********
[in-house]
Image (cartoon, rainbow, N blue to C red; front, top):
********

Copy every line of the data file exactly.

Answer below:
[in-house]
Image (cartoon, rainbow, N blue to C red; front, top):